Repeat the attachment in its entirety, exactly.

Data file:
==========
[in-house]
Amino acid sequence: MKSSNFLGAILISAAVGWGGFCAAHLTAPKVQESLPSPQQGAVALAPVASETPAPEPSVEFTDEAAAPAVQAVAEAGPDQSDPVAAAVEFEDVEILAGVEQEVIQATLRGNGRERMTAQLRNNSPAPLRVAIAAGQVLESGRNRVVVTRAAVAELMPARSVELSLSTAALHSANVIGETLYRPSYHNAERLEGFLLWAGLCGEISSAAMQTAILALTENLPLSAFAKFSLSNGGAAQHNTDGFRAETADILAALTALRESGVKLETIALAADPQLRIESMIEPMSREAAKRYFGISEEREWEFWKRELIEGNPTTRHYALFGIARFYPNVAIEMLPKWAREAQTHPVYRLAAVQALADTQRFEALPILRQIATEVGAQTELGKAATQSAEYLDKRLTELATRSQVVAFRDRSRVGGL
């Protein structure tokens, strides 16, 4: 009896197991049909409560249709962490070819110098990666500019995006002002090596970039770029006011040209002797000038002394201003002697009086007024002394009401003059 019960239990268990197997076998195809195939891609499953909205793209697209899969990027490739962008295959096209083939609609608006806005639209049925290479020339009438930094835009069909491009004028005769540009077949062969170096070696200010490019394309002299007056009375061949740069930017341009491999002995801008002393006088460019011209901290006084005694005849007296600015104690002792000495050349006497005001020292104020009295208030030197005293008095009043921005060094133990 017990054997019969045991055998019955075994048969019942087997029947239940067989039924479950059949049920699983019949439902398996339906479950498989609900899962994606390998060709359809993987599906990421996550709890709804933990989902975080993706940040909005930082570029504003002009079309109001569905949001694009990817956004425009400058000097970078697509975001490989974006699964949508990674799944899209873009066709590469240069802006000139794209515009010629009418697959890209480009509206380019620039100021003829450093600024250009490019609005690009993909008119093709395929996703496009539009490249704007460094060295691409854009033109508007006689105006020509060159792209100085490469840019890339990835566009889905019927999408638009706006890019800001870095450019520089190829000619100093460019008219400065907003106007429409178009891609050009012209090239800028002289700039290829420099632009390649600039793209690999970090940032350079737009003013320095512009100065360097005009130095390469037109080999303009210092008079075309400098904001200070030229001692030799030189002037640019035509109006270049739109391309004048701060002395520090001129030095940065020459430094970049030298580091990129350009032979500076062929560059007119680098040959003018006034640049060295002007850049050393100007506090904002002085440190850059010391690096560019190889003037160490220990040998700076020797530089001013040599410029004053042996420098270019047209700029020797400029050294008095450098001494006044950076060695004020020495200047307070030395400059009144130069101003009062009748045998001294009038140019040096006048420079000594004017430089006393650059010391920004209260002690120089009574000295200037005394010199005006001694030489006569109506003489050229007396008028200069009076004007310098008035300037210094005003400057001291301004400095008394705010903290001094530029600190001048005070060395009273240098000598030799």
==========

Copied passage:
[in-house]
Amino acid sequence: MKSSNFLGAILISAAVGWGGFCAAHLTAPKVQESLPSPQQGAVALAPVASETPAPEPSVEFTDEAAAPAVQAVAEAGPDQSDPVAAAVEFEDVEILAGVEQEVIQATLRGNGRERMTAQLRNNSPAPLRVAIAAGQVLESGRNRVVVTRAAVAELMPARSVELSLSTAALHSANVIGETLYRPSYHNAERLEGFLLWAGLCGEISSAAMQTAILALTENLPLSAFAKFSLSNGGAAQHNTDGFRAETADILAALTALRESGVKLETIALAADPQLRIESMIEPMSREAAKRYFGISEEREWEFWKRELIEGNPTTRHYALFGIARFYPNVAIEMLPKWAREAQTHPVYRLAAVQALADTQRFEALPILRQIATEVGAQTELGKAATQSAEYLDKRLTELATRSQVVAFRDRSRVGGL
């Protein structure tokens, strides 16, 4: 009896197991049909409560249709962490070819110098990666500019995006002002090596970039770029006011040209002797000038002394201003002697009086007024002394009401003059 019960239990268990197997076998195809195939891609499953909205793209697209899969990027490739962008295959096209083939609609608006806005639209049925290479020339009438930094835009069909491009004028005769540009077949062969170096070696200010490019394309002299007056009375061949740069930017341009491999002995801008002393006088460019011209901290006084005694005849007296600015104690002792000495050349006497005001020292104020009295208030030197005293008095009043921005060094133990 017990054997019969045991055998019955075994048969019942087997029947239940067989039924479950059949049920699983019949439902398996339906479950498989609900899962994606390998060709359809993987599906990421996550709890709804933990989902975080993706940040909005930082570029504003002009079309109001569905949001694009990817956004425009400058000097970078697509975001490989974006699964949508990674799944899209873009066709590469240069802006000139794209515009010629009418697959890209480009509206380019620039100021003829450093600024250009490019609005690009993909008119093709395929996703496009539009490249704007460094060295691409854009033109508007006689105006020509060159792209100085490469840019890339990835566009889905019927999408638009706006890019800001870095450019520089190829000619100093460019008219400065907003106007429409178009891609050009012209090239800028002289700039290829420099632009390649600039793209690999970090940032350079737009003013320095512009100065360097005009130095390469037109080999303009210092008079075309400098904001200070030229001692030799030189002037640019035509109006270049739109391309004048701060002395520090001129030095940065020459430094970049030298580091990129350009032979500076062929560059007119680098040959003018006034640049060295002007850049050393100007506090904002002085440190850059010391690096560019190889003037160490220990040998700076020797530089001013040599410029004053042996420098270019047209700029020797400029050294008095450098001494006044950076060695004020020495200047307070030395400059009144130069101003009062009748045998001294009038140019040096006048420079000594004017430089006393650059010391920004209260002690120089009574000295200037005394010199005006001694030489006569109506003489050229007396008028200069009076004007310098008035300037210094005003400057001291301004400095008394705010903290001094530029600190001048005070060395009273240098000598030799």